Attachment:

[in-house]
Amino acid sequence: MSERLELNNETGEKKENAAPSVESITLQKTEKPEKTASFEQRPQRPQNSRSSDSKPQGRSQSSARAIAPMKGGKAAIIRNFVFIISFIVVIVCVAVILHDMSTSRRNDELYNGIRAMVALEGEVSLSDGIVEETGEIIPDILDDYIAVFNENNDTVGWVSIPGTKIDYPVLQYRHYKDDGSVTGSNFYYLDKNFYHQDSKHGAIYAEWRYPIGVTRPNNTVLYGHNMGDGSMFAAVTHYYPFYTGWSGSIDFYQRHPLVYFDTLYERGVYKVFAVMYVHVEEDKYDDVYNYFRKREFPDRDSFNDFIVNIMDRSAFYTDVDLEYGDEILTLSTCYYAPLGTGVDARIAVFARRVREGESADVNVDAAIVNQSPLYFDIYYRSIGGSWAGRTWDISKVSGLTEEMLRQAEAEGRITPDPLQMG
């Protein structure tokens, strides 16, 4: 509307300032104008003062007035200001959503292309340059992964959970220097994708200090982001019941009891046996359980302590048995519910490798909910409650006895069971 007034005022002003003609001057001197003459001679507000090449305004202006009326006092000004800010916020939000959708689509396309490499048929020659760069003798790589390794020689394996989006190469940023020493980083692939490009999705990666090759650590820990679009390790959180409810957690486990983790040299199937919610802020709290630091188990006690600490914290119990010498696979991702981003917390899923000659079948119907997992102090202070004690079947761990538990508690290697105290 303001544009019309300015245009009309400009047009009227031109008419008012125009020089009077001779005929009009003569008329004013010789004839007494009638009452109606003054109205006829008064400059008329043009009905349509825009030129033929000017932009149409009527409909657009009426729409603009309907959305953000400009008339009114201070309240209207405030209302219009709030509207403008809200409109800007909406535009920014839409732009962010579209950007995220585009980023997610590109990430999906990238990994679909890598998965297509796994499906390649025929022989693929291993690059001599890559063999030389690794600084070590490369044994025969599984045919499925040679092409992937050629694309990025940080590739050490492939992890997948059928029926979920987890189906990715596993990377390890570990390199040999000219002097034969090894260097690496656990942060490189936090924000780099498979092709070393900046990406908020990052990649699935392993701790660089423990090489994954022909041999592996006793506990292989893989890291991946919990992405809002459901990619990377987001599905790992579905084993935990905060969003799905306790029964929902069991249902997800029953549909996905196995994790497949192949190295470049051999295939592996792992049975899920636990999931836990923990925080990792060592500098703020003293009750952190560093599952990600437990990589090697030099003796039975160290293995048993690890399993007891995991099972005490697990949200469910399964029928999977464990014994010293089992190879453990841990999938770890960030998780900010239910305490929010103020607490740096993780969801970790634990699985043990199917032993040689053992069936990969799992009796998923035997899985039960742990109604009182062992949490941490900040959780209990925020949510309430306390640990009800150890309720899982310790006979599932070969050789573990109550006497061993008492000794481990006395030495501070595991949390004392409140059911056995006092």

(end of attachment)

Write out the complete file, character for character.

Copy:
[in-house]
Amino acid sequence: MSERLELNNETGEKKENAAPSVESITLQKTEKPEKTASFEQRPQRPQNSRSSDSKPQGRSQSSARAIAPMKGGKAAIIRNFVFIISFIVVIVCVAVILHDMSTSRRNDELYNGIRAMVALEGEVSLSDGIVEETGEIIPDILDDYIAVFNENNDTVGWVSIPGTKIDYPVLQYRHYKDDGSVTGSNFYYLDKNFYHQDSKHGAIYAEWRYPIGVTRPNNTVLYGHNMGDGSMFAAVTHYYPFYTGWSGSIDFYQRHPLVYFDTLYERGVYKVFAVMYVHVEEDKYDDVYNYFRKREFPDRDSFNDFIVNIMDRSAFYTDVDLEYGDEILTLSTCYYAPLGTGVDARIAVFARRVREGESADVNVDAAIVNQSPLYFDIYYRSIGGSWAGRTWDISKVSGLTEEMLRQAEAEGRITPDPLQMG
């Protein structure tokens, strides 16, 4: 509307300032104008003062007035200001959503292309340059992964959970220097994708200090982001019941009891046996359980302590048995519910490798909910409650006895069971 007034005022002003003609001057001197003459001679507000090449305004202006009326006092000004800010916020939000959708689509396309490499048929020659760069003798790589390794020689394996989006190469940023020493980083692939490009999705990666090759650590820990679009390790959180409810957690486990983790040299199937919610802020709290630091188990006690600490914290119990010498696979991702981003917390899923000659079948119907997992102090202070004690079947761990538990508690290697105290 303001544009019309300015245009009309400009047009009227031109008419008012125009020089009077001779005929009009003569008329004013010789004839007494009638009452109606003054109205006829008064400059008329043009009905349509825009030129033929000017932009149409009527409909657009009426729409603009309907959305953000400009008339009114201070309240209207405030209302219009709030509207403008809200409109800007909406535009920014839409732009962010579209950007995220585009980023997610590109990430999906990238990994679909890598998965297509796994499906390649025929022989693929291993690059001599890559063999030389690794600084070590490369044994025969599984045919499925040679092409992937050629694309990025940080590739050490492939992890997948059928029926979920987890189906990715596993990377390890570990390199040999000219002097034969090894260097690496656990942060490189936090924000780099498979092709070393900046990406908020990052990649699935392993701790660089423990090489994954022909041999592996006793506990292989893989890291991946919990992405809002459901990619990377987001599905790992579905084993935990905060969003799905306790029964929902069991249902997800029953549909996905196995994790497949192949190295470049051999295939592996792992049975899920636990999931836990923990925080990792060592500098703020003293009750952190560093599952990600437990990589090697030099003796039975160290293995048993690890399993007891995991099972005490697990949200469910399964029928999977464990014994010293089992190879453990841990999938770890960030998780900010239910305490929010103020607490740096993780969801970790634990699985043990199917032993040689053992069936990969799992009796998923035997899985039960742990109604009182062992949490941490900040959780209990925020949510309430306390640990009800150890309720899982310790006979599932070969050789573990109550006497061993008492000794481990006395030495501070595991949390004392409140059911056995006092």